Another research axis is concerned with acoustic-prosodic investigations of frequent homophone (or near-homophone) word pairs in French, more recently extended to address and describe spontaneous speech in general, as found in conversations or interviews. Prosodic specificities have been studied based on a 30 hour dialogue corpus and compared to a 100-hour broadcast corpus of prepared (at least partially read) speech. Compared to broadcast news, spontaneous speech exhibits flatter melodic contours and less marked word segmentation: prosodic cues to word boundaries are less marked in spontaneous face-to-face speech, where speakers and interlocutors may interrupt their conversation at any point to clarify the subject, if ever some unsolvable ambiguity arose. Speaking style may cause differences in F0 profiles between determiners and nouns especially, in which F0 values are lower for spontaneous speech than for prepared speech. However, for both speaking styles, it can be asserted that in noun phrases F0 values start at a relatively low level and rise as soon as the first syllable of the following noun is produced.

Spontaneous speech is also characterised by the presence of a number of disfluencies (hesitations, repetitions, false starts) and discourse markers. These phenomena were studied in view of better understanding human strategies in verbal interaction management. The properties of some classical discourse markers (bon, ben, alors, donc, enfin/menfin etc.) and of the French hesitation euh in interactive speech man-machine and man-man question answering dialogs have been then investigated. The research was based on the working hypothesis that an automatic extraction of really informative words out of utterances may benefit from a smart handling of spontaneous speech-specific items such as vocalic hesitations and discourse markers. Preliminary results point out that these devices help start speaker turns and initiate rephrasing at two utterance levels: global (utterance-rewording) and local (utterance-internal). Utterance-internal rephrasing may concern a word, a phrase or a whole sentence within the on-going utterance. Also, classical discourse markers and the hesitation euh allow relevant information framing, in particular when occurring in utterance-internal position. On the long view, the modelling of such items may improve natural language generation and understanding.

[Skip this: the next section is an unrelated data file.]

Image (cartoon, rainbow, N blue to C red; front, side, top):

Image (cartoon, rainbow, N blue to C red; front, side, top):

Modelling the production and perception of variation in speech is important for understanding possible sources of errors of automatic speech recognition systems. This holds in particular for reduced speech phenomena which have been extensively investigated in large spoken corpora in French and American English. The long-term aim of this research axis is to improve the modelling of ambiguous items so as to reduce automatic transcription errors. It is well-known that human listeners significantly outperform machines when transcribing speech. Perceptual paradigms have been developed in which human listeners are asked to transcribe broadcast speech segments containing words which are frequently misrecognised by the system. In particular, we seek to gain information about the impact of increased context to help humans disambiguate problematic lexical items, typically homophone or near-homophone words. Studies of speech transcription errors are currently being investigated in relation to Named Entity detection, Spoken Language Understanding, Spoken Question-Answering and Dialog Systems. Furthermore, the same methodology can be applied to other linguistic features, such as other languages, accents and styles. Future work will try to take better account of social factors as well as accent, speaking style and expressive speech.